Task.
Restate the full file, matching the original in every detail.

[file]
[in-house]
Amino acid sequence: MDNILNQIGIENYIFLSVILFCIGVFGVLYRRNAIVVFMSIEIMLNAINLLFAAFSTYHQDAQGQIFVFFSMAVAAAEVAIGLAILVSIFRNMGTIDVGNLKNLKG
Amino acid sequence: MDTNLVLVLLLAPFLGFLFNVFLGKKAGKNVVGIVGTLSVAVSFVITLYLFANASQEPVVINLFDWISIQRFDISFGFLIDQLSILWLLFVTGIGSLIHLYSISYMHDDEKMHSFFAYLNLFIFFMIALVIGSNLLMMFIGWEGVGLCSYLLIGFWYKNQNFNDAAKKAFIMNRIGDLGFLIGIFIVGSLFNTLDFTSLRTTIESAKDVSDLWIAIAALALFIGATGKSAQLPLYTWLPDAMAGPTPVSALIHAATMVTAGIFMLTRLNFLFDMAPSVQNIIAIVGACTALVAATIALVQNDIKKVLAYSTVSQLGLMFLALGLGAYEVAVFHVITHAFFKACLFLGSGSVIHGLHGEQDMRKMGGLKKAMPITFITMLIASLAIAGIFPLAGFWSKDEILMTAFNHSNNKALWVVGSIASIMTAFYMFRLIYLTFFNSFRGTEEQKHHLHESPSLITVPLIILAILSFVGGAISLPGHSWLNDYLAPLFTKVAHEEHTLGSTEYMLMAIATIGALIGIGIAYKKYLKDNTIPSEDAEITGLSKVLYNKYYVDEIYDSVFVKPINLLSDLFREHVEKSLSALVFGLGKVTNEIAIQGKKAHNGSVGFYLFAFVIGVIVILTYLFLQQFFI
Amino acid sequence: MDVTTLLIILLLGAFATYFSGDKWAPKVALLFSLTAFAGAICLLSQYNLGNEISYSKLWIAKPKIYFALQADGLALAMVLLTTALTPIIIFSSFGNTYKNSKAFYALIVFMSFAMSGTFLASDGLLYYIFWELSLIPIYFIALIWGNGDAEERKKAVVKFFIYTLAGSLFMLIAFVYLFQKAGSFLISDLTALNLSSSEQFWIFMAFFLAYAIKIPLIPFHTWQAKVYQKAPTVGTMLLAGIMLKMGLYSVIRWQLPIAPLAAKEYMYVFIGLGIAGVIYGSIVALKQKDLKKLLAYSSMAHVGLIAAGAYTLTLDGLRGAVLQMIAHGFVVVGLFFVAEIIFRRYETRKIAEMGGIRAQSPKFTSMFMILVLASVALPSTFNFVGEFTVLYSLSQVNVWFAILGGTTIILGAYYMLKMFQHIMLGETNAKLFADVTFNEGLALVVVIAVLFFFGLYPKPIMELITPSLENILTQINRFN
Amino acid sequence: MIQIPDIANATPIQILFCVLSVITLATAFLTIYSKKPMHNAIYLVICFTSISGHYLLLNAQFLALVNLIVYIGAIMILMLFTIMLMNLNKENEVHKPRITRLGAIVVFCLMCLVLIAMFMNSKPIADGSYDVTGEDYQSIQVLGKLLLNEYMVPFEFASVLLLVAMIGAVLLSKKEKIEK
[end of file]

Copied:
[in-house]
Amino acid sequence: MDNILNQIGIENYIFLSVILFCIGVFGVLYRRNAIVVFMSIEIMLNAINLLFAAFSTYHQDAQGQIFVFFSMAVAAAEVAIGLAILVSIFRNMGTIDVGNLKNLKG
Amino acid sequence: MDTNLVLVLLLAPFLGFLFNVFLGKKAGKNVVGIVGTLSVAVSFVITLYLFANASQEPVVINLFDWISIQRFDISFGFLIDQLSILWLLFVTGIGSLIHLYSISYMHDDEKMHSFFAYLNLFIFFMIALVIGSNLLMMFIGWEGVGLCSYLLIGFWYKNQNFNDAAKKAFIMNRIGDLGFLIGIFIVGSLFNTLDFTSLRTTIESAKDVSDLWIAIAALALFIGATGKSAQLPLYTWLPDAMAGPTPVSALIHAATMVTAGIFMLTRLNFLFDMAPSVQNIIAIVGACTALVAATIALVQNDIKKVLAYSTVSQLGLMFLALGLGAYEVAVFHVITHAFFKACLFLGSGSVIHGLHGEQDMRKMGGLKKAMPITFITMLIASLAIAGIFPLAGFWSKDEILMTAFNHSNNKALWVVGSIASIMTAFYMFRLIYLTFFNSFRGTEEQKHHLHESPSLITVPLIILAILSFVGGAISLPGHSWLNDYLAPLFTKVAHEEHTLGSTEYMLMAIATIGALIGIGIAYKKYLKDNTIPSEDAEITGLSKVLYNKYYVDEIYDSVFVKPINLLSDLFREHVEKSLSALVFGLGKVTNEIAIQGKKAHNGSVGFYLFAFVIGVIVILTYLFLQQFFI
Amino acid sequence: MDVTTLLIILLLGAFATYFSGDKWAPKVALLFSLTAFAGAICLLSQYNLGNEISYSKLWIAKPKIYFALQADGLALAMVLLTTALTPIIIFSSFGNTYKNSKAFYALIVFMSFAMSGTFLASDGLLYYIFWELSLIPIYFIALIWGNGDAEERKKAVVKFFIYTLAGSLFMLIAFVYLFQKAGSFLISDLTALNLSSSEQFWIFMAFFLAYAIKIPLIPFHTWQAKVYQKAPTVGTMLLAGIMLKMGLYSVIRWQLPIAPLAAKEYMYVFIGLGIAGVIYGSIVALKQKDLKKLLAYSSMAHVGLIAAGAYTLTLDGLRGAVLQMIAHGFVVVGLFFVAEIIFRRYETRKIAEMGGIRAQSPKFTSMFMILVLASVALPSTFNFVGEFTVLYSLSQVNVWFAILGGTTIILGAYYMLKMFQHIMLGETNAKLFADVTFNEGLALVVVIAVLFFFGLYPKPIMELITPSLENILTQINRFN
Amino acid sequence: MIQIPDIANATPIQILFCVLSVITLATAFLTIYSKKPMHNAIYLVICFTSISGHYLLLNAQFLALVNLIVYIGAIMILMLFTIMLMNLNKENEVHKPRITRLGAIVVFCLMCLVLIAMFMNSKPIADGSYDVTGEDYQSIQVLGKLLLNEYMVPFEFASVLLLVAMIGAVLLSKKEKIEK